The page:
7 times Corbyn said what every decent person was thinking
- “Our Jewish friends are no more responsible for the actions of Israel or the Netanyahu Government than our Muslim friends are for those of various self-styled Islamic states or organisations. Nor should Muslims be regarded as sexist, antisemitic or otherwise suspect, as has become an ugly Islamophobic norm. We judge people on their individual values and actions, not en masse.”
Earlier this year, at Labour’s conference on tackling antisemitism within the Labour Party, Jeremy Corbyn was accused of antisemitism when he allegedly “compared Israel to ISIS”. In fact, what the Labour leader did was make the point that no individual Jewish person should be condemned for the actions of the Israel, in exactly the same way that no Muslim person should be condemned for the actions of the so-called “Islamic State”.
I completely condemn abuse of MPs of any kind. No abuse is carried out in my name. There is no place for this in society or in our politics.
— Jeremy Corbyn MP (@jeremycorbyn) June 30, 2016
- “But one I got today really did puzzle me. They said: are you coping with the pressure that’s on you? I said: ‘There’s no pressure on me. None whatsoever.’ The real pressure, the real pressure – real pressure – is when you don’t have enough money to feed your kids, when you don’t have a roof over your head, when you are wondering if you are going to be cared for.”
When Jeremy Corbyn was asked if he was feeling the pressure over the coup from the centre-left, has gave the best reply possible: reminding the Westminster establishment and media just how much pressure people outside political bubble face. Because let’s face it, people who are unsure whether they will be able to heat their homes in the coming months are under a lot more stress than Corbyinstas obsessively checking their twitter feed to check the latest updates from the NEC.
- “There are five declared nuclear weapon states in the world. There are three others that have nuclear weapons. That is eight countries out of 192; one hundred and eighty-seven countries do not feel the need to have nuclear weapons to protect their security. Why should those five need them to protect their security? We are not in the cold war anymore.”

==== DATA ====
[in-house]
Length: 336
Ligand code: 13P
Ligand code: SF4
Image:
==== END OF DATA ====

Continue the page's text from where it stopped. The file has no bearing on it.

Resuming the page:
Shortly after he became Labour leader, Corbyn pointed out that 187 of the 192 countries in the world do perfectly well without nuclear weapons, and that a world free of weapons of mass destruction is achievable. Instead of spending £100bn on Trident, we could spend it on our NHS and we could make university tuition free for the next twenty years. Do we really need nuclear weapons?
- “How dare these people talk about security for families and people in Britain? There’s no security for the 2.8 million households in Britain forced into problem debt by stagnating wages and the Tory record of the longest fall in living standards since records began.”
Remember when the Conservatives had an obsession with security? Every policy was linked back to our national security, our economic security, and “your family’s security”. Well, Jeremy rightly pointed out that for every person who has been indebted by Tory Britain, or every person that has been forced into a zero-hours contract that they didn’t want, or every person who has seen their benefits slashed, security seems like a relic from a bygone era.
- “8,000 deaths in Afghanistan brought back none of those who died in the World Trade Center.”
Imagine a world wherein not every single terrorist attack resulted in an immediate call to arms by the leaders of the western world. Imagine if we lived in a society civilised enough to say that when a group of people commit an atrocity against decent people, we do not have to stoop to their level by killing hundreds of thousands of innocent Afghani people. That is the world we would take a step towards if Jeremy Corbyn were Prime Minister.
- “This will set off a spiral of conflict, of hate, of misery, of desperation, that will fuel the wars, the conflict, the terrorism, the depression and the misery of future generations.”
Before the Iraq War, Jeremy Corbyn warned that things could spiral out of control. Tony Blair should have heeded his advice. If he had, perhaps the so-called “Islamic State” would not have taken control of Mosul and Raqqa in the way that it has. Maybe next time the UK should think before mercilessly going to war against a country with no plan for what actions we will take after the conflict.
- “Now, asteroids are pretty controversial. It’s not the kind of policy I’d want this party to adopt without a full debate in conference. So can we have the debate later in the week.”
There was a point just after Jeremy became leader when everything he said was interpreted as an attack on all British people and values. Jeremy Corbyn mocked that in the best way possible: by admitting that the Labour Party needed a debate on whether an asteroid killing all humanity would be a good thing.